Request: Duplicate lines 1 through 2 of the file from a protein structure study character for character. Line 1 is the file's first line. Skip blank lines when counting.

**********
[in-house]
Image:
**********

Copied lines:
[in-house]
Image: